This was less unexpected than I expected. In first place Håvard Lorentzen, the skater with the most world cup victories going into the games (although to be fair, I’m fairly certain that that’s the first time this has happened), in second Korean Min Kyu Cha, and in third junior world record holder Tingyu Gao of China, who I actually coincidentally once trained with when a group of chinese skaters visited Heerenveen in the summer for a training camp. In the end it came down to who could put down the best flying lap time, with Gao the only skater in the competition to do his first 100m in under 9.5 seconds. Lorentzen started with a decent but not mind-blowing 9.74 seconds, but followed it up with an insane 24.67 second lap the fastest of the competition, and not likely to be bettered until the 1000m which happen on Friday, and even then only a handful of skaters will skate a lap faster than that. Tsubasa Hasegawa and Daniel Greig in the first pair set a very good time which was only bettered much later in the order, but it was the pair of Gao and Joji Kato from Japan who really lit up the stadium with the first pair to both go under 35 seconds. The winning time from Lorentzen, who was paired with defending olympic bronze medallist Ronald Mulder a staggeringly fast 34.41 seconds (only one hundredth of a second faster than the Korean) and the first 27 skaters skating within a second of that time just goes to show how competitive the field is. They say anyone can win – but as it turns out, the one who won most often ended up with the win. Mika Poutala, my pick for the win unlucky to be in 4th (3 hundredths behind Gao) since this is the 2nd time he’s been 4th in this event at the Olympics.
Listen to the replay of my live commentary of the event here – you’ll need to synchronise it with a video replay for it to make any sense.
Team pursuit semifinals and finals are coming up on Wednesday so we get another rest day. The team pursuit is the only long track event in which skaters actually have to work together in a race. Here you really get an idea of just how faster the skaters can go in a pack because even though the distance is 6 or 8 laps, the times are MUCH faster than any lone skater would be able to manage for that length of race. When the event was first introduced, many traditional long track countries struggled with the format because they weren’t used to skating in a pack in a race situation – indeed the Dutch didn’t win a gold medal in the pursuit until their third try, at the Sochi games, despite easily having the strongest teams on paper. Teamwork is an essential element and the skaters must work together to stay as close and as in-step as possible – the closeness has obvious aerodynamic implications, anyone who has ever watched a track cycling team pursuit will already be familiar with those challenges, but being in step is something that is not as intuitive to non-skaters. Because of the sideways motion of the skating movement, if the skaters are significantly out of step, then they no longer effectively shield the skaters behind the front skater from the wind. For this reason, choosing the best team is not always about throwing the three fastest skaters together, skaters who can skate well together and who are of a similar build must be selected to maximise chances of success.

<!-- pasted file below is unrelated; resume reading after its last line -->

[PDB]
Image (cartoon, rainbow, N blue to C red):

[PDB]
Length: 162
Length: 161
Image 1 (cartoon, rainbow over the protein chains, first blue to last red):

In the men’s competition, it is not the Dutch who are the favourites. The Koreans come into the semifinal stage with the fastest qualifying time. Even though it was the dutch who won this event at last year’s world championships, anyone who actually watched it knows that the Koreans were comfortably in the lead when they had a fall towards the end of the race. The time is taken from the 3rd skater who crosses the line, so all three skaters who start must also finish (and ideally do it together). The contest for 3rd should be interesting because we have Norway and New Zealand. Norway is a speed skating country with a long tradition of success in the sport. New Zealand doesn’t even have a 400m track, and yet the Kiwis beat the Norwegians at last year’s world championships. The Kiwis have unfortunately drawn the Koreans for their semifinal, and I don’t like their chances against the favourites and in front of the home crowd, but I do like their chances against Norway in the B-final, so I’m predicting them for 3rd.
In the ladies competition, the Japanese have to be the favourite. They broke the world record in December and have been skating well in their individual events. In addition, they’re a very disciplined team and work very well together – two of their team are sisters Miho Takagi and Nana Takagi. Hot on their heels of course are the dutch, who on paper ought to be the strongest team, but have struggled to get it together both in the figurative and literal sense. The dutch commercial team system has obviously produced excellent results in the individual events, but it also means that any given team pursuit team would likely be comprised of skaters from different commercial teams who might have last trained together when they were on the dutch junior team. Difficult to pick a third out of Germany, China, and Canada who have all been within tenths of a second of each other throughout the season. I might just pick Canada to complete a regionally-diverse podium.
As usual, I will be commentating the event live from 8pm local time (noon in Berlin, 11am GMT) on Wednesday (not tomorrow)
Tomorrow we have a special treat for the rest day, at 9am Berlin time (9pm local time in New Zealand) I will be interviewing inline coach from New Zealand – Bill Begg who has coached countries too numerous to count and was largely responsible for setting up the inline skating program in Colombia which would eventually turn it into the inline skating powerhouse it is today, with this olympics seeing the first spillover into the ice skating world in the form of Pedro Causil in the mens 500m.